When a professional football player introduces himself and states his college affiliation, must that player have graduated from that college or does 3 years allow for him to declare that school affiliation? Some players note a HS affiliation; If they mention a HS, does that mean they did not attend college?
There are no rules. Players get to give a shout out to one school and they say whatever they want. Would the networks let a player who went to Miami say they went to Oregon? Probably not. But as long as a player played at a school they can mention that school.
Some players mention their high school out of pride, others have done it because they left on bad terms with their college and don't want to mention them, and some go back and forth saying their high school sometimes and their college sometimes.
If a player says which high school they went to I wouldn't read into that at all since 99%+ attended some college to play football at some point - it might not be D-I and could even be community college but there are very very players in the NFL that didn't play in college (I know a few foreign born kickers and a couple rugby players).
The other note is that players have pretty much a free rein on how they say the name of their college. The word "THE" has been added to the name of many colleges to, I guess, gain more respect. The whole naming of your school is just a fun thing that a player gets to do for each game. These are usually done the day before and fresh for NFL games. They also need to get 11 guys to say their college in between a play - about 40 seconds. So it is quite funny watching guys try to say the name of their college as slow as possible.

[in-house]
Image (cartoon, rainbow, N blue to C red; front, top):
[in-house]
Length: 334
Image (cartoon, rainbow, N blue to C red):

Note: Was discussing this with another buddy that watches almost every game... We both remember (or possibly misremember) at least one shout out to a junior high and to a peewee team or coach. If anyone has proof please add it to the comments.
As others have noted, there are no real requirements on this. Most players specify their college, though in recent years some have begun calling out their high school.
One more complicated situation is when a player transferred part way through their college career. For example, Russell Wilson began his collegiate career at North Carolina State (Mascot is the Wolfpack). Then, after completing his undergraduate degree, he attended the University of Wisconsin (Mascot is the Badgers) for grad school and played for them. Most players would choose one college or the other to shout out (most likely the most recent school). Russell Wilson has chosen to try to incorporate both schools by introducing himself as
Russell Wilson, from a whole Pack of Badgers.
A professional football player gives the last school where he had "trained," before joining a professional team.
More often than not, that means a college. And he may or may not have graduated (many football players attend college for the chance to "play," rather than for the education, and leave as soon as a team will sign them, that is, after three years). Sometimes, it could refer to a player that attended college for five years, but was "red shirted" by the team for one year. (That means that the player was put through an extra year of training but was technically not a member of the team because he was not allowed to play for that year, and therefore only played for "four.")
If a player joined the team out of a high school, with no college "education," he will use the high school as his affiliation.